Results of a Johns Hopkins study suggest that doctors
who follow current clinical practice guidelines when caring
for an older person with multiple conditions may yield an
overly complicated health regimen for the patient, or
potentially harmful drug interactions.
The report, published in the Aug. 10 issue of the
Journal of the American Medical Association, says
that standard guidelines designed for conditions rarely
account for older patients with several coexisting
"It is evident that these guidelines, designed largely
by specialty-dominated committees for managing single
diseases, provide clinicians little guidance about caring
for older patients with multiple chronic diseases," said
lead author Cynthia M. Boyd, an assistant professor of
geriatric medicine and gerontology at
Johns Hopkins Bayview
Medical Center. "While some recommend interventions for
specific pairs of diseases, they rarely give
recommendations for treating patients with three or more
chronic diseases — a group that includes half of the
population over age 65."
Clinical practice guidelines are systematically
developed recommendations designed to assist practitioners
in the prevention, diagnosis and management of specific
illnesses. When handling patients with multiple conditions,
Boyd said, physicians need to rely on their clinical
judgment and create individual treatment plans that account
for the individual circumstances and wishes of the patient
and family members who contribute to the patient's care.
Moreover, because standards for quality of care and
reimbursements to physicians who perform medical tests for
patients with chronic conditions are often based on
clinical practice guidelines, "these could create perverse
incentives that emphasize the wrong aspects of care for
this population and diminish the quality of their care,"
For the study, Boyd and colleagues determined the most
prevalent diseases in older Americans by reviewing data
from the National Health Interview Survey and a sample of
national Medicare claim forms. They then evaluated clinical
practice guidelines for nine of the 15 most common chronic
diseases: hypertension, chronic heart failure, stable
angina (chest pain), atrial fibrillation (irregular
heartbeat), high cholesterol, diabetes, arthritis, chronic
obstructive pulmonary disease and osteoporosis.
Next, they evaluated what would happen if they used
clinical practice guidelines to treat a hypothetical
79-year-old woman with moderate severity osteoporosis, type
2 diabetes, arthritis, hypertension and chronic obstructive
pulmonary disease. The researchers assembled a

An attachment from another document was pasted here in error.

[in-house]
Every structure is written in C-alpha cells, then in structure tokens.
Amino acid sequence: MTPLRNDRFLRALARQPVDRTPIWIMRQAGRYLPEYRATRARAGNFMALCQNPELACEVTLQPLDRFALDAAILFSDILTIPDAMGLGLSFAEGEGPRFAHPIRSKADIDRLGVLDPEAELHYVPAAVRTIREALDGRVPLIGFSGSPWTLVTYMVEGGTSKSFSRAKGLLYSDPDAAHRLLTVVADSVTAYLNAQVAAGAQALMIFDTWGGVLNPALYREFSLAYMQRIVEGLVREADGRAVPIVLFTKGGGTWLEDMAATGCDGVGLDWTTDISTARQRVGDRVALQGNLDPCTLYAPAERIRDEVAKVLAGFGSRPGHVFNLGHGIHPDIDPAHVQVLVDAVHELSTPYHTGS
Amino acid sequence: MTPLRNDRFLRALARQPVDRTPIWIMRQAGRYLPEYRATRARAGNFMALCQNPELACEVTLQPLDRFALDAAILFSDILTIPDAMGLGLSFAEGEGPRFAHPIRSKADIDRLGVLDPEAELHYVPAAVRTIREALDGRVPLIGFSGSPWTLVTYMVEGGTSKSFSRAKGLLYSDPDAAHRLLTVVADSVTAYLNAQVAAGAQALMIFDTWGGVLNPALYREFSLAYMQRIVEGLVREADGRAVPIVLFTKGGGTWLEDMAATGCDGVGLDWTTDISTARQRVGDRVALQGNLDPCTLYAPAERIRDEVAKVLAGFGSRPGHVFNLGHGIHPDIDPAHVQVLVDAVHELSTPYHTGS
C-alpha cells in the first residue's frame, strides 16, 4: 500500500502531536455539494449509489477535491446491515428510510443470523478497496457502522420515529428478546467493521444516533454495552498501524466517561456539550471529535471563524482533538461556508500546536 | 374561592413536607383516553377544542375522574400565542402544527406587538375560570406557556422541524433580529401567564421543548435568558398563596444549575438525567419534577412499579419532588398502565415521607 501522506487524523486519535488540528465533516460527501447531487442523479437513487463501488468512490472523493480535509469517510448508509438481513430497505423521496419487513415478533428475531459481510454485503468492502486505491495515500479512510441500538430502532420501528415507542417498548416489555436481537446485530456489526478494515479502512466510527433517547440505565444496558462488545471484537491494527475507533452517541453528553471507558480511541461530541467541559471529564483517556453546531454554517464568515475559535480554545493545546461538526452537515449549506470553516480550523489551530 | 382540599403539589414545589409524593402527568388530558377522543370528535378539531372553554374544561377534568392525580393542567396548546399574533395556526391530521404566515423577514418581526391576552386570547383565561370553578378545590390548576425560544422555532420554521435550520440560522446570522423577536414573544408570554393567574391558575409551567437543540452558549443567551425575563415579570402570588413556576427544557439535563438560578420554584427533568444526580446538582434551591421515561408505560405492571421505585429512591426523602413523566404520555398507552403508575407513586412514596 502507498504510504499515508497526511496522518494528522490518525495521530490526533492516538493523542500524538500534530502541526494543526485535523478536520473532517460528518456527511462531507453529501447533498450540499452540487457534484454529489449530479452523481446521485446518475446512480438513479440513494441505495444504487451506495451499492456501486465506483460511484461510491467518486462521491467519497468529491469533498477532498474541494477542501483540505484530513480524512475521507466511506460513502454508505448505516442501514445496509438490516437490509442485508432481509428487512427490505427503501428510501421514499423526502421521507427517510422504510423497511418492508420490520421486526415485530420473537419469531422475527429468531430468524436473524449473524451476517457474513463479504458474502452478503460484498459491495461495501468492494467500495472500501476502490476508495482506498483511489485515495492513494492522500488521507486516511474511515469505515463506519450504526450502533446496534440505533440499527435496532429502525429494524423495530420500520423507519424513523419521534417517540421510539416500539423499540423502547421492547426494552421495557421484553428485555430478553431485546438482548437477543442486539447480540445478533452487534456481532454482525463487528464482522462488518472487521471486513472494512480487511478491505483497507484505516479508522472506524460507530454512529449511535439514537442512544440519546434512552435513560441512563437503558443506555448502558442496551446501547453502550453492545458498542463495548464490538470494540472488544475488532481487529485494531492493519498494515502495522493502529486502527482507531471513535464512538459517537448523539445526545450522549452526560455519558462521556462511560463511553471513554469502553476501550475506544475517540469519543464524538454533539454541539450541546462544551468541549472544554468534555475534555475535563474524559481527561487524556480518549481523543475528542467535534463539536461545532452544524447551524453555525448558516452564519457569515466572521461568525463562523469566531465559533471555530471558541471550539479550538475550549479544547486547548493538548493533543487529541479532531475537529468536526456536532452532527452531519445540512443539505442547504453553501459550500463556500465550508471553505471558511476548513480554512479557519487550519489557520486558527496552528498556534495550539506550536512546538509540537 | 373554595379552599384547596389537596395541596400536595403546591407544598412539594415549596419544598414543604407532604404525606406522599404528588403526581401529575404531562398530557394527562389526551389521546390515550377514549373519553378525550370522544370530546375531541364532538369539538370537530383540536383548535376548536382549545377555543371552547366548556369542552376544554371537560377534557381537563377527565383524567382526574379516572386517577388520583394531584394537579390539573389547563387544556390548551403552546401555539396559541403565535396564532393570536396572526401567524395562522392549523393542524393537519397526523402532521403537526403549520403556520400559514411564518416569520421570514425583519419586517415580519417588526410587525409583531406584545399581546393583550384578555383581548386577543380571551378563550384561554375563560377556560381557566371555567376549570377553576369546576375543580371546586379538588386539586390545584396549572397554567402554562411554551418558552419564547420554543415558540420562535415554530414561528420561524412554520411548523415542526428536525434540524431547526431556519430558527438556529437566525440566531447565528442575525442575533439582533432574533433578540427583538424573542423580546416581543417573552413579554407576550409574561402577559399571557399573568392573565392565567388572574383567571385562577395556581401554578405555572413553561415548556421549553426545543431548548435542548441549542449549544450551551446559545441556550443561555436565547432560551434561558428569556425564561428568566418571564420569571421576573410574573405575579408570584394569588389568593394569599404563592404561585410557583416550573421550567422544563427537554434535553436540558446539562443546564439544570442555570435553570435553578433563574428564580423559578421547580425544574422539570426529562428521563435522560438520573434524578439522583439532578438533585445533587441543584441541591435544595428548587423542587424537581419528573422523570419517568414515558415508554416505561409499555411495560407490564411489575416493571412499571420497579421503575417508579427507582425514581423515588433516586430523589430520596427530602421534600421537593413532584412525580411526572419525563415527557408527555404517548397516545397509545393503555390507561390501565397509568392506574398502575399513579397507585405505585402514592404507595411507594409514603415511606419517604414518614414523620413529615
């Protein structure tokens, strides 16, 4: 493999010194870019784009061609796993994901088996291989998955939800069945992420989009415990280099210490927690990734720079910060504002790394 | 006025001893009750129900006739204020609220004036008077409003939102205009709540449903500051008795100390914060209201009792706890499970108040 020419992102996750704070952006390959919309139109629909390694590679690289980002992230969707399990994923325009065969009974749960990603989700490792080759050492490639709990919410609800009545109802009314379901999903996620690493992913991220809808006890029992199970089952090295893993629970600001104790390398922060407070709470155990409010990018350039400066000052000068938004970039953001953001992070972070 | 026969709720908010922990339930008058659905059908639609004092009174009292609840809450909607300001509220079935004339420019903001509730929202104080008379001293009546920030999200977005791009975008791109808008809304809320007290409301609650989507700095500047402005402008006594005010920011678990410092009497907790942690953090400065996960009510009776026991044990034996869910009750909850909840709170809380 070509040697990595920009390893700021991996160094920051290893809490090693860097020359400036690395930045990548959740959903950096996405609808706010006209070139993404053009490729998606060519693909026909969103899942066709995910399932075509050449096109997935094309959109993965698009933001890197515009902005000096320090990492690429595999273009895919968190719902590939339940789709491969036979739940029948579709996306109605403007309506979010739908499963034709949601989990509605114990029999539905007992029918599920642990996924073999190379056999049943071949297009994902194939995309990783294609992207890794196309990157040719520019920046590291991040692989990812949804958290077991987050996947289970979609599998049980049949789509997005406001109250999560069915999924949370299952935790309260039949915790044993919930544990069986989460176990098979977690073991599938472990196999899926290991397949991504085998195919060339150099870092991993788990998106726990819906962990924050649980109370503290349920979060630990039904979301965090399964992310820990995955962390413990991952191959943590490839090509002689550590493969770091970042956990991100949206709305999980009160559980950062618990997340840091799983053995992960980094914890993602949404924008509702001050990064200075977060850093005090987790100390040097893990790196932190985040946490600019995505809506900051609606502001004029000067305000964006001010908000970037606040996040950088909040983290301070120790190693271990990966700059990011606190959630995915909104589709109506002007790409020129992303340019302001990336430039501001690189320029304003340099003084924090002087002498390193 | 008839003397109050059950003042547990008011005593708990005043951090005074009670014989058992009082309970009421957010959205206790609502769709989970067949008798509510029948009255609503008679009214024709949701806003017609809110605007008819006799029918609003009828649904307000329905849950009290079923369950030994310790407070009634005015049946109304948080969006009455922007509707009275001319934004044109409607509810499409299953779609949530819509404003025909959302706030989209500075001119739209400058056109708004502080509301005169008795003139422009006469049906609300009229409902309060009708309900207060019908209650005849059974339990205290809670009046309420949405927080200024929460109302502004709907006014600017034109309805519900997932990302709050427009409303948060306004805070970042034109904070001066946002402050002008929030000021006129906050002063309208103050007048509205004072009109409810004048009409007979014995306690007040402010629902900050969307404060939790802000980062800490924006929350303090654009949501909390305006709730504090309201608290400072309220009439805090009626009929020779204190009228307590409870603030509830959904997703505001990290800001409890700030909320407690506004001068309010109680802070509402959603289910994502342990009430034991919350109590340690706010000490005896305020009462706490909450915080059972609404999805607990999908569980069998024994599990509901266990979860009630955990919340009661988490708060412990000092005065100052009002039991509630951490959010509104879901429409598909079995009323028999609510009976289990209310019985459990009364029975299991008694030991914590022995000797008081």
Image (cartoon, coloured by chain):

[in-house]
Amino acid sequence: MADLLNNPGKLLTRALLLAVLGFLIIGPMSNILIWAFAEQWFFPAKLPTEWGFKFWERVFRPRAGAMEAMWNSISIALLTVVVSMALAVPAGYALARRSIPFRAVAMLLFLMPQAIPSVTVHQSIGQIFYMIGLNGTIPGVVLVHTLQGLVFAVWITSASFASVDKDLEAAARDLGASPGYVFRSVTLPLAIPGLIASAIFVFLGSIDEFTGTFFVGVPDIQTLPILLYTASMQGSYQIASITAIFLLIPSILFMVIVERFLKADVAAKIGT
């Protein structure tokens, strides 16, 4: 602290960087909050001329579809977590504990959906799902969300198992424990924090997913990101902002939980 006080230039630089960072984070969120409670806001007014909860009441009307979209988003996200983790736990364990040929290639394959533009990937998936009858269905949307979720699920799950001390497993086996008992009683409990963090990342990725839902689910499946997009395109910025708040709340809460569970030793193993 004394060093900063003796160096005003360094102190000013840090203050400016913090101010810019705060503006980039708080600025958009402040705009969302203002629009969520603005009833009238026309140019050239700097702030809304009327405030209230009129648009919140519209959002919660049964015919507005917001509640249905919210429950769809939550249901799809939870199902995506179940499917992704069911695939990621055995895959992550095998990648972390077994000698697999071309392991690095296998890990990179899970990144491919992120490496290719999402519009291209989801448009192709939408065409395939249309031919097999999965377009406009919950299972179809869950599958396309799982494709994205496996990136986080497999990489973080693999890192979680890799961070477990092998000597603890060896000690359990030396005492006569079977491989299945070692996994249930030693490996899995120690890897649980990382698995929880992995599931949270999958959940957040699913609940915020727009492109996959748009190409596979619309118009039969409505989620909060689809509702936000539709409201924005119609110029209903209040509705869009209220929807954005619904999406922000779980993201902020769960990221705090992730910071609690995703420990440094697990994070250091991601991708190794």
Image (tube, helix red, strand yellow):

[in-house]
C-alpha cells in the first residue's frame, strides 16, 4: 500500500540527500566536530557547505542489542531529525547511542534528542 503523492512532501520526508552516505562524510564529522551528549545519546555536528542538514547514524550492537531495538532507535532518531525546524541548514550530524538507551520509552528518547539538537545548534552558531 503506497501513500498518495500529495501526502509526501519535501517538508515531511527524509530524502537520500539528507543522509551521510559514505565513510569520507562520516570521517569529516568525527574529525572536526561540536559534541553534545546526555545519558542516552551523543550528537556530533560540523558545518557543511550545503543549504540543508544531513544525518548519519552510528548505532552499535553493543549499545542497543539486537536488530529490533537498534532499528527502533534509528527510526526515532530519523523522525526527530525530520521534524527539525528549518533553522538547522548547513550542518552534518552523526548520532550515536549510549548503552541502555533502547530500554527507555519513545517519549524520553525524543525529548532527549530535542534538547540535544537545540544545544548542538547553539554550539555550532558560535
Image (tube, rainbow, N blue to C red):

comprehensive treatment plan using explicit instructions
from the assorted guidelines.
If all the recommendations were followed, the patient
would have to take 12 medications, at 19 doses per day,
five times a day. The medications would cost more than $400
a month. The combined guidelines also recommended 14
nonpharmacological activities, such as dietary
interventions, and onetime education and rehabilitation
interventions, as well as monitoring of the assorted
chronic diseases as often as daily or as infrequently as
every two years.
Boyd and colleagues found that adhering to all five
guidelines here could lead to interactions among
medications for different diseases, or between food and
medications. The nonpharmalogical recommendations also
could contradict each other, such as recommending
weight-bearing exercise for osteoporosis but recommending
avoiding weight-bearing exercise for diabetes with severe
diabetic nerve disease.
Boyd said that this degree of polypharmacy (multiple
medications) increases risk of medication errors, adverse
drug effects or potential hospitalization.
"The recommended regimens may present patients with an
unsustainable treatment burden, making independent
self-management and adherence difficult," she said.
Overall, seven of the nine guidelines under review
discussed older adults or comorbid diseases, but only four
guidelines (for diabetes, arthritis, atrial fibrillation
and angina) specifically addressed older individuals with
Most guidelines did not comment on the time or
financial burden of comprehensive treatment on patients or
caregivers, discuss short- and long-term goals in disease
management or discuss the quality of underlying scientific
evidence for patients with multiple comorbidities. They
also did not give guidance for incorporating patient
preferences into treatment plans.
The study was supported in part by the National
Institute on Aging, Health Resources and Services
Administration and Hartford/AFAR Academic Geriatrics
Co-authors were Jonathan Darer, Chad Boult, Linda P.
Fried, Lisa Boult and Albert W. Wu.